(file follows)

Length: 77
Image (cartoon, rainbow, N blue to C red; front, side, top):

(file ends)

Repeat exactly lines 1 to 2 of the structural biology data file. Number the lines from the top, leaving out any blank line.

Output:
Length: 77
Image (cartoon, rainbow, N blue to C red; front, side, top):